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The Cypress

The student news site of Brookline High School

The Cypress

The student news site of Brookline High School

The Cypress

Town Meeting to vote on Brookline’s compliance with MBTA Communities Act

From Tuesday, Nov. 14 until mid-December, Brookline Town Meeting will vote on which proposal, if any, to adopt in compliance with the MBTA Communities Act. The Act, which was adopted in January 2021, aims to promote compact housing near public transit to reduce car usage and energy consumption by increasing transit accessibility.

In late November, the Brookline Town Meeting will hold a vote that will change the landscape of the town for years to come. The town has until Thursday, Feb. 1, 2024 to comply with the MBTA Communities Act, a state law that was adopted in January 2021.

The MBTA Communities Act requires towns served by the MBTA, including the subway train system, bus routes, the commuter rail and the ferry, to “create at least one district of reasonable size” within half a mile of the rapid transit system, in which multi-family housing is permitted by right. In other words, people have a right to construct multi-family housing within the “district of reasonable size,” which the town gets to outline. The act is intended to foster the development of dense housing centralized around public transit with the hope that more people living closer to public transit will result in fewer people driving cars and less energy used.

Starting the third week of November and continuing into December, Town Meeting will hold a vote on how to comply with the act.

There are three main proposals that have been brought forth. Each plan outlines specific districts (parcels of land) in which multi-family housing will be allowed by right. These districts would not require the construction of multi-family housing, but would allow for its construction, while some other districts will continue to be legally bound to single-family housing.

One proposal, brought by the advocacy group Yes! In Brookline, advocated for multi-family housing by right along the Harvard Street corridor, an area with higher turnover and buildings that are more likely to be redeveloped. A second proposal, brought by the advocacy group Brookline by Design, advocated for multi-family housing by right away from Harvard Street, in areas with lower turnover rates and older homes that are less likely to be redeveloped. The third proposal was championed by the Select Board and was intended to serve as a compromise between the two other proposals.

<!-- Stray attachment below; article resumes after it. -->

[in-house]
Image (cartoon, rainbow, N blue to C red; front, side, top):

The compromise proposal was then further modified on Tuesday, Oct. 17th when the two groups came to an agreement: a modified version of the Select Board’s compromise. The agreement includes parts of both group’s original proposals, including multi-family housing by right on and away from Harvard Street. The agreement also includes special authorization for ground-level commercial use along Harvard Street, a provision meant to ensure that the authorization of residential construction along Harvard Street would not take away from the commercial aspect of the neighborhood. If approved, the agreement is expected to create around 900 new housing units.

On Sunday, Oct. 20, the two groups put out a joint statement announcing the consensus they had reached.

“[The agreement] creates additional housing opportunities at a range of income levels, supports commerce along our main street corridor and presents us with an important opportunity to reduce our dependence on fossil fuels,” the statement read. “Yes! in Brookline and Brookline by Design are pleased to have come to agreement on this proposed version and recommend our colleagues in Town Meeting vote in favor of the amended Article as written.”

Town Meeting will convene on Tuesday, Nov. 14 and is expected to run through mid-December. All of the proposals mentioned above will come before the body. At these meetings, Town Meeting members will vote on which proposal to adopt, if any. If the town has not established interim or permanent compliance with the act by the end of January, the Brookline Housing Authority, which runs the town’s affordable housing programs, will lose grant funding from The Commonwealth of Massachusetts.

Regardless of which proposal Town Meeting adopts, this decision will shape the future of the Town architecturally and consequently in population and population density.

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